Topping most news reports is HJR 203, a bill that would amend the Oregon Constitution by declaring health care is a “fundamental right.”  The bill does not specifically target employers, but critics have emphasized that its financial impacts and funding sources are unclear.  It passed in the House last week, and is headed for a work session in the Senate later this month.  If approved by the Senate, it will appear on the Nov. 2018 ballot.

Here are some other bills under consideration that will impact Oregon employers:

  • HB 4160:  Creates family and medical leave insurance program to provide employee who is eligible for coverage with portion of wages while employee is on family medical leave or military leave. The program is funded by equal contributions by employees and employers not to exceed .5% of an employee’s wages, and would allow employees to take up to 12 weeks of leave per year for specified reasons.

 

  • HB 4154:  Makes contractor liable for unpaid wages, including benefit payments or contributions, of employee of subcontractor at any tier. Permits a joint labor management committee and certain third parties to bring action on behalf of wage claimant against contractor.

 

  • HB 4105:  Imposes penalty on employers with 50+ employees that offer health insurance coverage to employees but have employees working at least 30 hours/week who receive benefits of medical assistance program. Prohibits retaliation against an employee for participating in medical assistance program.

 

  • HB 4021:  Allows certain employers to permit employees to work more than 60 hours in one workweek to cover for employee absences. (This bill relates primarily to mill, factory, and other manufacturing establishments, and their particular limits on employee hours.)

 

  • SB 1559:  Directs state agencies to establish procedure for employees to anonymously disclose certain information. Expands reporting channels and protection for whistleblowing by public employees.  (More news coverage is here.)

 

  • SB 1524:  Prohibits union security agreements between public employer and union. Allows public employees to opt out of union membership and bargain employment terms and conditions separate from collective bargaining agreement.

 

Karnopp Petersen’s employment law team will report more after the session wraps in mid-March.  Stay tuned to see if any of these bills become law!

 

Kurt Barker, Ben Eckstein

As you may be aware, the tax reform legislation from 2017 impacts not only the federal income tax but also other taxes potentially affecting your estate plan (such as the estate, gift, and generation-skipping transfer taxes (“GST”)).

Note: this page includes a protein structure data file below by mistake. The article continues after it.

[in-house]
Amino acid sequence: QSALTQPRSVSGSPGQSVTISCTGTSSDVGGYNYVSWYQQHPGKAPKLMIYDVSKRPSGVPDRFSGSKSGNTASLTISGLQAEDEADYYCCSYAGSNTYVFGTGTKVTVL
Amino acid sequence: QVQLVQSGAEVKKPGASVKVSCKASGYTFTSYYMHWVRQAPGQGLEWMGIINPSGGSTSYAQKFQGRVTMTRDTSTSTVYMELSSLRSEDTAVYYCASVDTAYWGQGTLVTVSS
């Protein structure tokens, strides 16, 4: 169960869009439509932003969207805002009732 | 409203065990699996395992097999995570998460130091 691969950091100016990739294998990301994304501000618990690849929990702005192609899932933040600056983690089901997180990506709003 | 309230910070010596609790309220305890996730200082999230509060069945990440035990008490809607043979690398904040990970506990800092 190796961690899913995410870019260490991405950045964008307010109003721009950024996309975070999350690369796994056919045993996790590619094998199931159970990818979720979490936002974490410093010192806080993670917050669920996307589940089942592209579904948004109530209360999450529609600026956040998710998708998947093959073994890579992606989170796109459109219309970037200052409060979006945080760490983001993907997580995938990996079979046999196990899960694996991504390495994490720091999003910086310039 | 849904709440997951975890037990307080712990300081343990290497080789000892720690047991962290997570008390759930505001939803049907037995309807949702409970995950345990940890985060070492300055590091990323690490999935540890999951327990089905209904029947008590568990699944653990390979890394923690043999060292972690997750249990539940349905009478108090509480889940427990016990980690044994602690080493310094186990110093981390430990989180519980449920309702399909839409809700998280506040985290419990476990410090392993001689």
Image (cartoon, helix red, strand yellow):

The legislation doubles the estate, gift and GST tax exclusion amounts to $11.2 million in 2018 (to be adjusted for inflation from a base year of 2010).  These increases are effective for decedents dying and transfers made after 2017 and before 2026.  Due to these changes, it may be necessary to adjust certain provisions in your plans where you may have previously created formulas for gifting and estate allocation based on lower estate tax exemption amounts.  Such older formulas could result in unintended consequences in this higher federal estate tax exemption environment, including unintended disinheritance of certain beneficiaries or higher taxes if certain gifts are “overfunded” because of the new exemption amounts.

After 2025, the increased federal estate tax exemption amount is scheduled to sunset, returning the exclusion amount to an amount calculated under current law ($5.49 million for 2017).  Please note that Oregon’s estate tax exemption remains at $1,000,000 and is not indexed for inflation.

Additional changes to individual, corporate, and pass-through entity taxation provisions may also impact estate plans. Some of the provisions included in the law that may affect your plans include:

  • New deduction for certain business income earned through pass-through entities.  The legislation creates a new deduction for individuals, generally equal to 20% of the qualified business income received by the individual from a pass-through business. Certain service businesses (such as law, accounting, investment management, etc.) have special limitations, and there are other income limits and conditions placed on the receipt of the deduction that we should discuss if you earn income from such entities.
  • Increase in charitable contribution limit for cash donations.  The legislation increases the amount of cash contributions to charitable organizations that may be deducted from 50% of a taxpayer’s contribution base (generally equal to adjusted gross income) to 60% of the contribution base for tax years after 2017 and before 2026.
  • Extension of the holding period for “carried interest.”  The legislation prevents individuals holding so-called carried interest in private equity or hedge funds or similar investment vehicles from claiming long-term capital gain treatment on gains realized from the disposition of such an interest until the interest has been held for three years (compared to the one-year holding period required for other capital assets). The legislation also creates certain restrictions on related-party transfers of carried interest during a similar three-year period.

In light of the numerous changes made by this tax legislation, we recommend a review of your estate plan to make sure that it continues to satisfy your tax- and family-related objectives while remaining as flexible as possible.  If it has been a few years since you have updated your plan, now would also be a good time to touch base with us to make sure trust funding, beneficiary designations, and other details are up to date.